The trailer for Ron Howard's "The Beatles: Eight Days a Week -- The Touring Years,' which WOUB-HD will broadcast on November 25 at 8 p.m.

WOUB-HD to Air ‘The Beatles: Eight Days a Week’ Nov. 25

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The Beatles: Eight Days a Week – The Touring Years is a 97-minute in-depth look into The Beatles’ earliest years, from their achingly precise performances at The Cavern Club in Liverpool in 1962 to their very last touring show in San Francisco’s Candlestick Park in 1966. Directed by Ron Howard, the film was advised heavily by surviving Beatles Paul McCartney and Ringo Starr, as well as Yoko Ono and Olivia Harrison, widows of John Lennon and George Harrison.

The film depicts the band’s incredible skyrocket to the very top of the international consciousness, a feat that had never before been accomplished, and has yet to be replicated. From being terrorized by gangs of hundreds of screaming, barely-pubescent girls to the exploration of the band’s decision to stick strictly to studio recording after their 1966 tour, the documentary utilizes oodles of historical footage of the world’s favorite band to look into what made the group what it was.

November 25, at 8 p.m., WOUB-HD will broadcast the lauded documentary, which received favorable reviews from Beatles fans and film critics alike when it was released September 2016.

“It was really fun to see (The Beatles: Eight Days a Week) with my daughter when it came out,” said Chris Pyle, owner of Donkey Coffee and one of Athens’ very own true blue Beatles diehards. “Afterwards, she asked me ‘Dad! Why are they all chasing them and screaming like that? What are they going to do when they catch them?’ which are perfectly reasonable questions to ask coming from an 8-year-old.”

Beatlemania began shortly after the band’s release of Please Please Me, (which was recorded very minimally, and in a bit of a frenzy,) following their first unleashed singles in 1962. After the album was released in March of 1963, the group got their first taste of the insanity that would plague their touring years.

“There has been nothing like Beatlemania ever since The Beatles – nothing even comparable,” said Pyle. “I wish the film had explored a little more of the psychology – or perhaps psychiatry – that was behind Beatlemania. I can only guess that a portion of it relates to the fact that there was just a lot more mystery in the ‘60s, and mystery is a huge part of rock ‘n’ roll. Everything is uncovered now, you can look up any myth or legend and debunk it on google, and I think that is why rock music is slowly fading away. Back then, the only way you could find out about a band you liked was to go and see them.”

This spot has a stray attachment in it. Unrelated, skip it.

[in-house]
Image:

As The Beatles’ popularity swelled, so did the disturbing dedication of their fanbase.

“Everything is uncovered now, you can look up any myth or legend and debunk it on google, and I think that is why rock music is slowly fading away. Back then, the only way you could find out about a band you liked was to go and see them.” – Chris Pyle

“The crazy thing about the film is the fact that the band’s audience is the star of the film – like when the band comes to Australia, suddenly there were 300,000 people trying to see the Beatles, people trying to just get a glimpse of The Beatles in their hotel room,” said Pyle. “When the Beatles went to India, they figured that they had finally escaped all the craziness – but they were wrong. People recognized them there, too. They were the four most popular people in the world.”

It’s worth noting that The Beatles had years upon years of experience playing music professionally by the time they were touring internationally. From the very roots of their formation in 1957 – when Lennon met McCartney and Harrison – the band worked tirelessly under a number of monikers, regularly using the now off-the-market stimulant phenmatrazine to fuel their insane performance shifts in the red-light district of Hamburg.

“I feel like there could be an entirely new documentary just about the Hamburg years, you can’t get to where The Beatles were in 1963 without the band having worked really hard for seven or eight years beforehand,” said Pyle. “Sometimes you hear people say that they don’t like the early Beatles stuff, that it’s too much like a boy band’s music – and I think that’s just nuts. The music is amazing, and it’s held up all these years – and you could never get to the crazy, far out stuff that they created later on without it.”